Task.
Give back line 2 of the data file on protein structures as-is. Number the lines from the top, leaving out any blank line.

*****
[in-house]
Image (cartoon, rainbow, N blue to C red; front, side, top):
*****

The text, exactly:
Image (cartoon, rainbow, N blue to C red; front, side, top):